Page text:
Monday, November 9, 2009


To sleep, lie at ease, lounge, relax.

This is a pleasant word for just relaxing.   Contrary to popular belief Hawaiians were hard workers (and I like to think that many Hawaiians today are also hard workers).  They woke up at the crack of dawn so they could get the majority of hard work done before the sun was up high.  I remember my grandfather getting up super early to begin his day by raking the entire yard and pull weeds.  I just love driving through homestead areas in the morning because you inevitably see this tradition continuing.  Someone is outside raking up the leaves, scooping them into the cut pakini scooper. And it isnt just kupuna. I see makua (parents) outside doing it and even keiki on some early weekend mornings.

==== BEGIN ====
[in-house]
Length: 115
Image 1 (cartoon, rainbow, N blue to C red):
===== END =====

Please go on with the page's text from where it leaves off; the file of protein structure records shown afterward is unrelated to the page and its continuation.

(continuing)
This word sometimes replaces moe (for sleep) in poetry because moe can also suggest death.  

Ua kau ke keha i ka uluna, ua hi'olani i ka moena - the head rests on the pillow, stretching out on the mat [relax after work is done]  This line comes from a chant called Ke Welina, dedicated to Käne.

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